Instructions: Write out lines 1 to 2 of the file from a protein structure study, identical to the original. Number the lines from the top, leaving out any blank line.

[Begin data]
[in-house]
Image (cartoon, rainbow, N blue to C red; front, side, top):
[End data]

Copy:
[in-house]
Image (cartoon, rainbow, N blue to C red; front, side, top):